The Cactus Patch
THE NEWSLETTER OF THE BAKERSFIELD CACTUS & SUCCULENT SOCIETY
Volume 12       June 2009      Number 6

C.S.S.A. Opening
A Letter From Bruce
by Bruce Hargreaves

On 26 April we took Anne to the “Concert that never was” which featured “Blue Eyes” & Barbra. This was a birthday present, even though Anne’s birthday is actually 6th May. The actors did a good job and brought back lots of memories. This was emphasized by the TV special on Streisand which aired the night before. On the 2nd of May we also had a nostalgic evening at “Brighton Beach Memoirs”, a play at BC. The actors had great Brooklyn accents. It reminded me of the time we did “Major Barbara” at BC and I had a tutor to learn Cockney.

Mother’s 92nd birthday was 29 April and we celebrated at Milt’s on the 26th. We celebrated Mother’s Day and Anne’s birthday at Red Lobster on the 10th of May.

On 7th May we went to Fresno for the CSS meeting where there was an illustrated report by three of the dozen members (including Anne, Polly & I) who were at the CSSA convention in Tucson. We learned of some of the events we missed such as the tissue culture course and local garden tour which were on the 10th of April. Next day, 8th May, Anne took the train back to Fresno and Polly & I helped set up the Fresno show and sale. We stopped in briefly on the 9th (to buy a couple of plants from the huge sales area) and then rushed to Bakersfield for the yard sale (which Anne had helped set up).

We then heard Joe Clements on desert hot spots at the BCSS meeting on the 12th -- great pictures. Incidentally, I looked up my previous CSSA convention pictures from 1987: Joe and I sat at the same table for the opening banquet.

On the 17th of May we took Anne to the bus to LA to catch a plane to see her son Daniel in South Dakota. The schedule on the web was wrong and the bus had left! We then drove to LAX. There were red penstemons in flower 1 mile south of Ft. Tejon, poppies south of Gorman, bushes of blue ceanothus at Pyramid Lake, yellow broom and white yuccas north of Castaic, orange monkey flowers just north of the LA City Limits, and dudleyas and prickly pears (not in bloom) north of the Getty Museum. All this and we got Anne to the plane on time. Polly and I had to return to Bakersfield. I still haven’t been to the Dakotas.

But back to the CSSA Convention:

We left Indio early on the 11th of April and drove past the Joshua Tree National Park area where there were beautiful ocotillos in bloom. We stopped at Denny’s in Blythe and then crossed the Colorado into Arizona. This was the first time Polly & I had been out of California since we returned to Bakersfield in 2007. We had, of course, been to Arizona a number of times in the past. (In 1987, I went to the CSSA Convention in Phoenix.) Immediately across the border there were saguaros, desert poppies and purple borage flowers. At a rest stop there was a small daisy bush related to tidy tips. We had lunch at Subway in Buckeye and turned south on highway 85 to bypass the Phoenix area. Some of the road is under construction but the delay was not bad. I was interested to see the care they took with saguaros which had wooden frames to hold them up. At Gila Bend we turned east on I-8 which took us right through Sonora Desert National Monument with its large saguaro population. We saw some enigmatic birds which had long tails and curved beaks! (I looked up Arizona birds and found there is a Crissal Thrasher which fits. Anne will report on birds later.) At Casa Grande we rejoined I-10 and got to Tucson at three just as it rained! I was dropped off at the convention and Polly & Anne went on to check us into World Mark in Oro Valley to the north of Tucson.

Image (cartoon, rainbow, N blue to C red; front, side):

As I checked into the conference I was offered a free copy of the 1975 supplement to the CSSA Journal. This contains my first succulent publication (on Chitipa, Malawi) and here they were giving them away! There had been an official opening in the morning and lots of talks on the Sonoran Desert and agaves & yuccas. (Many of the talks were held at the same time as another talk to fit them all in. I hope this is not repeated.) At any rate, I was in time to hear a talk on the sex life of columnar cacti of the Sonoran Desert by Ted Fleming of the University of Arizona at Tucson. It seems these cacti avoid competing by blooming at different times. The most unusual is the senita which is pollinated by a moth in the same manner as yuccas with their moths. (I entered a science fair exhibit on yuccas and yucca moths while at BHS and got an honorable mention. Not bad considering I skipped high school biology.)

David Yetman of the SW Center of the Univ. of Arizona then showed a film on the making of Tequila. This was followed by a special Tequila event. We had to compare five flavors. Polly and Anne arrived just in time for this. This was followed by a magnificent opening banquet. Anne sat next to Brad Neugebauer from Anchorage, Alaska. There are few succulents there, but Anne discussed the spiny Devil’s Club with him. (I had to look this up. It is a shrub in the ivy family.) After dinner John Lavranos gave a rambling talk on his 50 years collecting succulents. (I now know what the accent is. He went to South Africa from his native Greece and learned English there.) He had depressing slides on which he commented, “Everyone here is with the angels”. There was an amusing slide of Jerry Barad with his pants stripped off to carry aloes. I was glad to see he was in the audience and not “with the angels”.

The next day was a long one with many talks. I will cover that next month.


The CSSA Banquet


Tequila


John Lavranos

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